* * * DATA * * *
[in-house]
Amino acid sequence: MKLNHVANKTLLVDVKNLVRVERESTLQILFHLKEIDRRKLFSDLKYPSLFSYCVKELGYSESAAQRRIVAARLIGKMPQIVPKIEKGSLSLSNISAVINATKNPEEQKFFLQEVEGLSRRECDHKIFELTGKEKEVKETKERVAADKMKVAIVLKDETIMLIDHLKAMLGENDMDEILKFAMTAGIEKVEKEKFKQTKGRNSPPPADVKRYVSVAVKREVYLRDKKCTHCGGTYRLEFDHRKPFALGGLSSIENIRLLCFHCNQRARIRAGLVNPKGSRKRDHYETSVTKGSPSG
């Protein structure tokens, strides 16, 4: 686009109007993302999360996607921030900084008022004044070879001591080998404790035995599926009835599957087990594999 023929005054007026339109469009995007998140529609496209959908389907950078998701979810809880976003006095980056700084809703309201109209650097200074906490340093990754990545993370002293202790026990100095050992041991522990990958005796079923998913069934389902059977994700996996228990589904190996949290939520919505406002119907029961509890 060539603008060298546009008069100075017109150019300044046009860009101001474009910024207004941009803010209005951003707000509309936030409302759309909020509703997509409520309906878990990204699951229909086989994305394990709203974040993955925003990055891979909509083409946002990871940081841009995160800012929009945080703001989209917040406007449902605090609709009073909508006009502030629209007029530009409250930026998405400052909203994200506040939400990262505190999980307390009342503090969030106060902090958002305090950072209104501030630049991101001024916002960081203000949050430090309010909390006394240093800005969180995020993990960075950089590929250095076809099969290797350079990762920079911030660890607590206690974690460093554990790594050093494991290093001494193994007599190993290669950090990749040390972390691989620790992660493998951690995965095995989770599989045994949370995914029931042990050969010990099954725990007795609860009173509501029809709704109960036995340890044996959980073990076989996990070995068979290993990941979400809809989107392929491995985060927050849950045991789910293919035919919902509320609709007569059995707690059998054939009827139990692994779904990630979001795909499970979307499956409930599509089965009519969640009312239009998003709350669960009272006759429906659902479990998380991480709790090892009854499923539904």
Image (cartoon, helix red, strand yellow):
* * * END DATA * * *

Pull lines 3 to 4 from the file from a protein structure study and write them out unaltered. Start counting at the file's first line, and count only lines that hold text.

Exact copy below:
């Protein structure tokens, strides 16, 4: 686009109007993302999360996607921030900084008022004044070879001591080998404790035995599926009835599957087990594999 023929005054007026339109469009995007998140529609496209959908389907950078998701979810809880976003006095980056700084809703309201109209650097200074906490340093990754990545993370002293202790026990100095050992041991522990990958005796079923998913069934389902059977994700996996228990589904190996949290939520919505406002119907029961509890 060539603008060298546009008069100075017109150019300044046009860009101001474009910024207004941009803010209005951003707000509309936030409302759309909020509703997509409520309906878990990204699951229909086989994305394990709203974040993955925003990055891979909509083409946002990871940081841009995160800012929009945080703001989209917040406007449902605090609709009073909508006009502030629209007029530009409250930026998405400052909203994200506040939400990262505190999980307390009342503090969030106060902090958002305090950072209104501030630049991101001024916002960081203000949050430090309010909390006394240093800005969180995020993990960075950089590929250095076809099969290797350079990762920079911030660890607590206690974690460093554990790594050093494991290093001494193994007599190993290669950090990749040390972390691989620790992660493998951690995965095995989770599989045994949370995914029931042990050969010990099954725990007795609860009173509501029809709704109960036995340890044996959980073990076989996990070995068979290993990941979400809809989107392929491995985060927050849950045991789910293919035919919902509320609709007569059995707690059998054939009827139990692994779904990630979001795909499970979307499956409930599509089965009519969640009312239009998003709350669960009272006759429906659902479990998380991480709790090892009854499923539904």
Image (cartoon, helix red, strand yellow):